The present invention related to automated guided cart (AGC) particularly to cost-effectiveness, light duty vehicle, which is specifically adapted for use in light manufacturing shop floor. This AGC followed a magnetic guide taped on floor to move goods or material from one point to another under PIC control. The AGC system employ specifically designed carts, which are configured particularly to carry components such as automobile chassis or assembly components in an automobile assembly operation. Generally, the method to achieve the objectives, it consists of designation stage, procurement preparation stage, material preparation stage, fabrication stage, and examination stage. This project involved design and development of the AGC system through the engineering skills via mechanical calculation and analysis, material selection, electrical circuit design, and programming of the PIC controller. In the implementation stage, a light duty AGC produce and applicable to industrial environment to accomplished the project.
I would like to express my gratitude to all those who gave me the possibility to accomplish this project of manufacturing engineering bachelor’s degree entitled automated guided cart. I want to thank the Department Managemtnt Faculty of Manufacturing of Universiti Teknikal Malaysia Melaka (UTeM), Prof. Dr. Mohd. Razali b. Muhamad and giving me permission to commence this project in the first instance, approved the title of project proposed. I have furthermore to thank the Management of Project Sarjana Muda, Sivarao a/l Subramonian, and Head of Department of Robotic and Automation, Dr. Zamberi bin Jamaludin who gave and confirmed this permission and supported me to progressing with my project.
I am deeply indebted to my supervisor, Puan Nur Aidawaty bt. Rafan and principle co-supervisor, Puan Silah Hayati bt. Kamsani from the Department of Robotic and Automation of UTeM whose help, stimulating suggestions, technical information, and encouragement helped me in all the time of project and writing of this report.
My colleagues from 4BMFA of UTeM supported me in my research work. I want to thank them for all their help, support, interest and valuable hints. Especially I am obliged to Mr. Lim, Lee Wai Keong, Tan Sia Peng for the great help in difficult times and suggestions for improvement.
TABLE OF CONTENT
3.3 Design Requirement 28
4.2.1 Gear Geometry Computation 41
4.2.2 Shaft Design 42
4.2.3 Bearing Selection 44
4.3 Frame Design 45
4.3.1 Technical Drawing 48
4.4 Motor Drive Circuit Board Designation 51 4.5 Microcontroller Electronic Circuit Designation 53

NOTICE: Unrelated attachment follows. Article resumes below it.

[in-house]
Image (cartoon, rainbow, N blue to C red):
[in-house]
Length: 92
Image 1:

4.6 Magnetic Sensor 54
5. RESULT AND DISCUSSION 56
5.1 Mechanical Structure 56
5.2 Controller 58
5.2.1 Microcontroller Electronic Circuit Board 58
5.2.2 Microchip Pin Assignment 61
5.2.3 Motor Control Electronic Circuit Board 62 5.3 Magnetic Sensor Electronic Circuit Board 64
5.4 PIC Comment Programs 67
5.4.1 Microcontroller Language (C Language) 67
6. CONCLUSION AND RECOMMENDATION 74
6.1 Conclusion 74
6.2 Recommendation 75
LIST OF TABLES
1.1 Comparison of the Methods of Material Handling.
2.1 Uses of Some Steels 2.2 Aluminum Alloy Groups
2.3 Common Aluminum Alloys and Their Uses 2.4 AC Motor Voltage.
2.5 AC Motor Speeds for 60 Hertz Power 2.6 DC Motor Voltage Ratings
3.1 Characteristics of the Material Elements.
3.2 Alloy Steel and Aluminum General Physical Properties. 3.3 Microcontrollers Device Overview and Its Properties 3.4 Microcontroller Features As Guide to Selection
3.5 Characteristics and the Features of Unipolar Type Magnetic Sensors. 3.6 Characteristics and the Features of Bipolar Type Magnetic Sensors.
4.1 Summary of the Comparison between Desired Value and Selected Value. 4.2 Pin assignment and its function.
4.3 General electrical and magnetic specifications.
5.2 DIP switch operation direction 5.3 Logic function of the motor driver
LIST OF FIGURES
1.1Production Layout Illustrated the Material Handling System in Present Practice.
2.1 Plan View of an Exemplary Embodiment of the Information Sensing Portion of the Guided System.
2.2 The Diagrammatical Perspective View of the AGV Adapted to Move Automatically Along an Optically Defined Path for Carrying a Load From a Starting Point to an Arrival Point.
2.3 A Diagrammatic Side Elevation View of a Self Guided Vehicle 2.4 Single-phase AC Power and Three-phase AC Power
2.5 General Form of Motor Performance Curve 2.6 Pair of Spur Gears. The Pinion Drives the Gear 2.7 Hall-Effect Principle With No Magnetic Field Present 2.8 Hall-Effect Principle With Magnetic Field Presents 2.9 Circuit of an IR Emitter and IR Phototransistor
2.10 Circuit and Diagram of an Infrared Reflectance Sensor.
3.1 Basic Draft of the Options for the Drive Mechanism of Automated Guided Cart.
3.4 Force Distributed on the Cart.
4.1 Design Sketch of the Drive Mechanism (Single Stage Gear System) and Its Main Components.
4.2 Power Flow Through the Gear.
4.3 Direction of Force Distribution on Gear.
4.4 Graphical Representative of Force, Shearing Force and Bending Moment of the Gear.
4.5 Force Distortion on the Frame of the Cart.
4.6 Graphical Representative of Force, Shearing Force and Bending Moment of the Frame.
4.7 COSMOSX Analysis of the Aluminum Square Hollow Bar (20x20x1/4) 4.8 Assembly CAD Drawing of the AGC.
4.9 Frame CAD Detail Dimension Drawing. 4.10 Detail CAD Drawing of the Drive Mechanism.